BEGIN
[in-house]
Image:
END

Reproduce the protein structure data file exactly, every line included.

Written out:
[in-house]
Image: